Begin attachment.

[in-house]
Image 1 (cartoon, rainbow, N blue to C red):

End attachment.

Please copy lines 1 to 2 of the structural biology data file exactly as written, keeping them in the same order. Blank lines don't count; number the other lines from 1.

[in-house]
Image 1 (cartoon, rainbow, N blue to C red):